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A. The law in our state permits “citizens arrests” as provided for in the Tennessee Code Annotated Title 40. “Arrest by Private Person” as it is known, permits a citizen who is not a police officer to arrest others for public offenses called misdemeanors and felonies, with some restrictions.
Misdemeanors are offenses punishable by less than one year in jail or by fines. To make a private person arrest, the offense must be committed in the arresting citizen’s presence. A felony is any crime punishable by at least one year in jail or prison. Arrests for felonies can be made when the crime occurs in the presence of the arresting citizen, or the arresting citizen has reasonable cause to believe that the person arrested committed it. To arrest without reasonable cause exposes the arresting citizen to extensive liability and possible prosecution for false arrest.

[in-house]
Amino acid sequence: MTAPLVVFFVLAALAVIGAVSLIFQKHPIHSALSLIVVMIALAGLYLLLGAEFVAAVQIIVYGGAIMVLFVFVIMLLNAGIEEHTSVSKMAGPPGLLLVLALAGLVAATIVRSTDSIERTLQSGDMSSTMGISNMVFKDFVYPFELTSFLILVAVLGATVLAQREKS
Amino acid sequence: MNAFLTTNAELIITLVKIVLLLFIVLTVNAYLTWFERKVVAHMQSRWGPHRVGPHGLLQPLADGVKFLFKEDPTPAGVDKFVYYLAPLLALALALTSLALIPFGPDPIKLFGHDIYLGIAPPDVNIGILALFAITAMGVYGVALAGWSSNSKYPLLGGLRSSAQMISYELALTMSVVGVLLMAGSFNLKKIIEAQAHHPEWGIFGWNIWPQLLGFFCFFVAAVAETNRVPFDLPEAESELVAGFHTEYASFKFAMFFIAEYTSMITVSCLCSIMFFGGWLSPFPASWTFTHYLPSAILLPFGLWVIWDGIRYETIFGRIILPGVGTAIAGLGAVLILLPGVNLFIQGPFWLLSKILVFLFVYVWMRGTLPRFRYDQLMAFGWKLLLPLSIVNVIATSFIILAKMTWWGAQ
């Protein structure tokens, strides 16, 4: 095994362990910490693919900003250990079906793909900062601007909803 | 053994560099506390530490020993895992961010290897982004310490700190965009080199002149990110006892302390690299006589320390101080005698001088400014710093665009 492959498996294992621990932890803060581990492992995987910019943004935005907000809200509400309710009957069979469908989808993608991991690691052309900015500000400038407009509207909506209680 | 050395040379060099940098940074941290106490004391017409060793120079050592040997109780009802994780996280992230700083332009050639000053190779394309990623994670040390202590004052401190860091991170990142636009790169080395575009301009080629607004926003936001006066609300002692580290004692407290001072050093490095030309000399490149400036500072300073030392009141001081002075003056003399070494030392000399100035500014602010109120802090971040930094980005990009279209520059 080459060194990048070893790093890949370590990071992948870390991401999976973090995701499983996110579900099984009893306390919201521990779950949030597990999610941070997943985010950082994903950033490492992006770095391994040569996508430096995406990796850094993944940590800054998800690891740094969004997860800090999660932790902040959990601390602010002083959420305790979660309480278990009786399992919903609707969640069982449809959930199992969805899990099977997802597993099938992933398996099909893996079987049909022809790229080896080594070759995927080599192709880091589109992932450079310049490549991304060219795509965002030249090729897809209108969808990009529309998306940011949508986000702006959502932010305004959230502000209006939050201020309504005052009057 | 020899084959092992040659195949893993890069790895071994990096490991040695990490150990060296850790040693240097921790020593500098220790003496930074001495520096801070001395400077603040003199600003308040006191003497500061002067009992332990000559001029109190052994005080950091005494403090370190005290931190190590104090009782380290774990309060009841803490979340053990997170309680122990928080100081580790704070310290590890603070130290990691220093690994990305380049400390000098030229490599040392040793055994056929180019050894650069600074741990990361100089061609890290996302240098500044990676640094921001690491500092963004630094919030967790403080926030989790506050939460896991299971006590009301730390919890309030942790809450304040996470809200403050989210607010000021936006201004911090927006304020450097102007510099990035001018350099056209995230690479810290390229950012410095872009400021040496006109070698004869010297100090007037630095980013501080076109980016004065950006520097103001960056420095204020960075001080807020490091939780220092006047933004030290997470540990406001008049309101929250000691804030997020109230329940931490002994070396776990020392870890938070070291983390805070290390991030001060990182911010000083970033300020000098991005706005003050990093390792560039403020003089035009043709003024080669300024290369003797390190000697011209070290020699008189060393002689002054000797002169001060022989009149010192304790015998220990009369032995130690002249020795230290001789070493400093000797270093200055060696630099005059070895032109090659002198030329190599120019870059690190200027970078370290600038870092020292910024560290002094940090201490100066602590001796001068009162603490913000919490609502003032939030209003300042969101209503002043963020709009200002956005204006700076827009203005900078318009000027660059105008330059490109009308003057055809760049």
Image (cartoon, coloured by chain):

Regarding escapes from jail, private citizens can only arrest persons if the offense for which they were incarcerated is a felony.
Citizens are required to inform those arrested at the time of arrest the reason for the arrest, unless the person is in the actual commission of the offense. You must immediately and without undue delay turn the arrested person over to a police officer.
Finally, a word of caution about citizen arrests. The average person has not been trained to avoid injury and civil litigation. Citizen arrests should be attempted only in extreme circumstances. Citizens observing a criminal offense or suspicious activity should take note of the description of the suspect and the related activities and notify the police as soon as possible.
Source: Al Guyet, Vanderbilt Police Chief
— Kofi Outlaw